IN OTHER WORDS...

By Oren Rawls

Published March 21, 2003, issue of March 21, 2003.
  • Print
  • Share Share

Gleanings From the Media

Continental Divide: It’s not just London Bridge that seems to be falling down these days in Europe, judging by articles in several European newspapers translated and reprinted in the April issue of World Press Review.

“Europe is cracking,” Leopold Unger writes in the February 11 issue of the liberal Polish daily Gazeta Wyborcza. “Thirteen years after the loss of the common enemy, on the first try, the unity of the West is unraveling like an old sweater. The West is torn. Saddam is laughing. Iraq divided his enemies.”

The cause, Unger argues, is an alliance among countries with divergent interests. “Today Europe doesn’t have — and never has had — a genuinely common and cohesive foreign policy, not to mention a defense policy.… [I]f Europe wants to be taken seriously, its foreign policy and its input toward preserving democratic values cannot come down to an anti-American fixation.”

Unger’s sentiments were echoed in France by Jean-Marie Colombani of the liberal daily Le Monde. “What is the strategic doctrine that Europe would propose as an alternative to the preventive war sought by the United States? When have our heads of state and government ever dealt with this issue in a concerted manner? What can they suggest, even at a minimum?” The 21st century, Colombani writes, “demands the emergence of the Old Continent as a power that is peaceful but not pacifist, and that is a full partner of the United States but not its satellite.”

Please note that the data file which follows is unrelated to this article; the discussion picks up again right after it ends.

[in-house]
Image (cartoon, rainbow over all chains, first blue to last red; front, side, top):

* * *

In Da White House: Meanwhile, back on this side of the Atlantic, The Nation is lamenting the return to political prominence of the macho man.

“The once-mocked figure of the dominant male has become a real-life hero,” writes Richard Goldstein in the March 24 issue of the liberal weekly. “From Colin Powell dissing the French as cowards to Donald Rumsfeld raising his fists at the podium, the Bush administration bristles with an almost cartoonish macho.”

Pop culture paved the way for the return of the “neo-macho hero,” Goldstein argues, with rap artists such as Eminem leading a backlash against feminism. After the September 11 terrorist attacks, he says, politics followed suit, from the commander in chief on down.